When I talked with MarkLogic’s Ken Chestnut about MarkLogic 4.2, I was surprised to learn that MarkLogic really, truly doesn’t do anything like a join. Unlike some other non-SQL DBMS, MarkLogic has no SQL interface, no ODBC or JDBC. Nothing, nada. (MarkLogic has a Java interface for Xquery, but not for anything like SQL.)
Since MarkLogic and other XML DBMS are used in applications for brokerage trades and the like, I used that area as my example for a challenge question: What happens when one brokerage firm buys another? (Similar challenges could be made about medical records or consumer profiling.) The answer was that you just have to update or augment each existing record with the new firm’s information. And by the way, if you choose to augment, then you have the new and old information side-by-side, both of which could conceivably come in handy.
Document-oriented NoSQL DBMS such as CouchDB and MongoDB face similar challenges, of course. I didn’t pursue the matter in depth in either case, but:
- If I understood Damien Katz correctly, CouchDB has a view capability that provides some kind of workaround. (A quick web search turned up this page on a kind of entity-relationship modeling in CouchDB and the associated querying.)
- Dwight Merriman suggested to me that in MongoDB, you can work around the lack of joins via client-side logic, or by embedding lots of data in each document (e.g., all the line items for an order) and extracting what you need via MapReduce jobs.
I’m not totally sure what I think about joinlessness, but one way of looking at it could be:
- The reason we have joins is because we normalize. If it’s OK to be highly denormalized, then it’s less important to have joins.
- When normalization is good and denormalization is bad, one or both of two reasons are commonly in play:
- The logical burden of keeping straight all the different places you’d have to update the same data is too great for the poor, overburdened programmers.
- The performance burden of doing all that updating is too great for the poor, overburdened hardware.
- For the logical reason to have great force, there has to be a pretty complex schema, or else a frequently changing one. But when schemas change frequently, relational designs have their own problems.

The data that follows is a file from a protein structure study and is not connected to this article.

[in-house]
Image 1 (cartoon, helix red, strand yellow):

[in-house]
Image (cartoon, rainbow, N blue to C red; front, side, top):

- The physical reason automatically has great force if you have huge update volumes and keep many copies of the same data. Otherwise, its strength has a lot to do with the specific architecture of the DBMS. E.g., if it’s a lot cheaper to update a small record than a big one, short rows are better. But otherwise, denormalization may not have that much effect on performance.
Putting all that together, I’m inclined to think that for many applications, it’s OK to denormalize, or to have such a simple schema that normalization is moot. But even so, I’d be a lot more comfortable if a DBMS offered at least some way of doing a join.
All this raises a related question: What are transactions like in document-oriented DBMS? I’ve never pushed the point with MarkLogic, but when they talk of their ACID compliance they sound as if they are using the phrase in the usual way. MongoDB only lets you do transactions in single documents. I’ve never asked the question about CouchDB, but I do note with interest CouchDB’s “crash-only” architecture, which boils down to:
- CouchDB shutdown is “instantaneous.”
- You can only shut down CouchDB by crashing it.
- There’s no way to shut down or crash CouchDB that causes data to be inconsistent.